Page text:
“I used to think how important, socially, the network of paths linking the four villages must have been in the past”

“We moved to Fen Ditton in 1970 with two small children.  The following summer my parents came down and ‘borrowed’ the kids for a weekend.  That was an unexpected sudden release from responsibility.  We had got to know the surrounding countryside and so headed to Honey Hill as a place for celebrating freedom and spending a warm, low-budget evening.
 
In those pre A14 days there was no bridge, just the dusty Low Fen Drove bending through the flat landscape with a perspective consisting of backdrops behind backdrops, avenues of trees, thick thorny hedges and rush fringed ditches.
 
When I was playing cricket for Quy, I would cycle that way, down High Ditch Road, along the drove way, up the old railway line and into the village past the Hall.  Sometimes I remember taking my little boy and my cricket bag in the basket of an old butcher’s bike.  The journey home after the match into the sunset, singing victoriously, was memorable – picking up a bottle of cider at The Blue Lion as we got back to Fen Ditton.
 
One sunny Christmas Day, at a time when we were looking after an old nag (which resembled an armchair) and an escapologist pony, we took the kids for a ride round Honey Hill.  Our dog, an unruly mongrel, unsuccessfully chased a hare over two fields and a ditch.
 
That same dog used to accompany me on runs on slippery winter days down round the drove way to Biggin Abbey and back home.  As he got older he was less inclined to do this until eventually, one afternoon, he turned his back on me and made his own way home the way we had come.
 
Another occasion involving the dog and the boy was when, due to adverse conditions, we adopted the procedure known as ‘walkies in the motor’ – so in a blizzard, headlamps on full beam, we tried to follow the mongrel from the comfort of the car.  The old grey Renault slid sideways into a ditch near Snout’s Corner.  It was difficult to persuade the AA that the location was accessible and the car retrievable.
 
After gales, I would sometimes search in the thickets up there for fallen boughs to scavenge as firewood.  One day, Major Francis, from Quy Hall, confronted me, thinking I was a poacher or other reprobate.  We later became good friends.  Once, when we needed stakes for a village tree planting campaign, he invited us to make these from saplings cut from along the old railway line.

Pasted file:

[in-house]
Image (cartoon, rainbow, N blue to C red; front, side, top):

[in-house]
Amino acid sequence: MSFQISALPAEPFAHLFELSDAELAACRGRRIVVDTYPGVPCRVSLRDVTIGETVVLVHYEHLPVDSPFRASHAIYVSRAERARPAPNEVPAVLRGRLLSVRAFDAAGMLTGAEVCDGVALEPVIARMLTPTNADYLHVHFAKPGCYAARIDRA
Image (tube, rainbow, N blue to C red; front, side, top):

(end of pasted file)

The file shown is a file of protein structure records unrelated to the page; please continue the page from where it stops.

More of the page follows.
I used to think how important, socially, the network of paths linking the four villages must have been in the past.   Maybe their development had been encouraged by the Bishops of Ely, in times gone by, to combat in-breeding in the communities.  They must also have provided ways to work for that considerable number of farm workers which lived in each village.
 
When the Covid lockdowns started, early in 2020, we rediscovered these pathways and found them so attractive and benign that we mapped them as a guide for others.  I suppose we trespassed a bit on these wanderings but I do remember a picnic lunch by a grass covered brick bridge not far off Low Fen Drove during which the spirit was definitely lifted well clear of those miserable times.  Also picking blackberries at Snout’s Corner with the distant hum of traffic muffled by the sound of the wind in the trees strengthens one’s love for the place.
 
I offer these reminiscences to demonstrate what this area of simple countryside has meant to one person, living beside it for the best part of a lifetime. It’s the purpose of the Green Belt – to provide the city and its surrounding villages with a peaceful, pastoral, restorative resource.  It is tragic to think that if this area comes to be dominated by a massive offensive and repulsive sewage plant, these types of life-affirming experiences, on our doorstep, will never be available again.”
 
 
Many thanks to David Yandell, long time resident of Fen Ditton and exponent of the importance of preserving this valuable local amenity.

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